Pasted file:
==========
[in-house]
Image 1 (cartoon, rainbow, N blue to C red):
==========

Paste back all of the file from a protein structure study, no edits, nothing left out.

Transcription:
[in-house]
Image 1 (cartoon, rainbow, N blue to C red):